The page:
Okay folks it’s time again for Flower Power and the nomination forms were given out at the last BACA meeting. Where I wasn’t. Anyway you can get the PDF form from the DC BACA site.
This year, it’s July and not August. If you want to help out, volunteer, whatever, bug Mary Ann, her email is on the form.
This story would be much better if I was working in the yard with the pickaxe whacking away at tree roots. But I wasn’t, I was moving around dirt with a cultivator on a pole. I have a little hand cultivator but I think the hoe-looking thing was much better for my back. While I was doing this life was going on around me. Across the street teenagers were walking on the sidewalk talking loud, being obnoxious, and engaging in horseplay. However the horseplay took a wrong turn when one of the boys put one of the girls in a headlock and would not let go. One of her friends tried to free the young woman but to no avail. I let a few seconds go by when I moved out of the yard with my cultivator and to the street saying clearly, “Miss, do you need any help?” I repeated myself. One of the other boys then yelled, “She’s got a stick!” That’s when the young man holding the girl in the headlock released her and he and the other boy jogged up the block. As they ran I yelled, “Stop being silly!” This would have been followed by “I’m not going to hurt you” were it not for the fact that the girls also moved up the block rather quickly. As I said, imagine if I had my pickaxe instead.
(okay click the date stamp 10.5.06 for full post)
Later I thought of a conversation about “engaging” or “confronting” teens on one of the neighborhood listservs. There were those who mentioned a fear of retaliation. Someone will always mention retaliation when confronting either things evil/bad or things really annoying. The headlock incident was a missed teachable moment. The kids missed a chance to hear why beating up on girls is wrong. There are other teachable moments like explaining why throwing trash on the ground is bad too. But I won’t let fear of retaliation stop me from stepping up to those teachable moments, no, pure laziness, apathy, and an unwillingness to be bothered do that for me. Retaliation is the last thing on my mind. A little bit of bravery plays into it, but it comes from the same fount of bravery for public speaking, as confronting teens or anyone else in the process of doing wrong requires one to speak publicly. There is that same risk of failure. Your audience could dismiss you or laugh in your face or become very hostile. As I said, laziness, apathy and not wanting to be bothered keep me from confronting all the wrongs people do.
The retaliation thing does bring up a question of what wrong will one stand up for and confront right there on the spot? Being passive-aggressive as I am, I tend to take the path of least resistance. Sometimes I’m moved to action. This is worrisome as I think, what would happen if I were mugged or attacked on a street filled with people like me. Of ten Mari clones, one would run out and help as the crime took place, 7 would just call 911, and the other two would be completely dumbfounded and paralyzed with indecision of what to do.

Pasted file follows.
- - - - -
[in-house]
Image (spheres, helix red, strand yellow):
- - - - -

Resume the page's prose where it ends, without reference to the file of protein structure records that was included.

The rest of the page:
I’m more likely just to call 311 or 911.
note: I had prewritten the above the day before the rest is an addition.
Yesterday, while minding my own business in the yard I heard some kids (about 10 and 11 years old) harassing a man on the street. When I looked up from what I was doing, the man had already passed me and was heading south. So were his pants and a the dark side of the moon was out as well. The kids (two boys) pointed him out to me and sort of wanted me to ‘do something’ about it, as according to them, he had his butt all out and “showing everything”. I offered to call the police, which I did. The boys chased after the man, with a spirit of righteous indignation, harping and yelling “pull your pants up man,” and “nobody wants to see that.” When I got the dispatcher on the phone the man had already turned the corner and was out of my sight. The dispatcher told me to call again if the man reappeared. Well a few minutes later he came up the block and I called the police again. I did not look carefully, but the way his pants kept falling, exposing his rear, it would be a safe bet that the front was exposed at times as well. I reported this and the man’s description and where he was walking. The kids, who’d been trailing him, stopped in front of my gate as I was outside on the phone with the dispatcher. They said that the man threw rocks at them. A possible untruth on their side, as I did see them, but not the man, pick up some small rocks before they turned the corner. The dispatcher said they’ll send the first available car. Well the first one between now and never, I thought.
So you witness something, will the fear of retaliation be your constant guide? Or is it a mix of timing, mood and a certain act itself that will move you to stand up or do something? Or do you need to be asked? I don’t know the answer. Sometimes we’re brave, sometimes we’re cowards.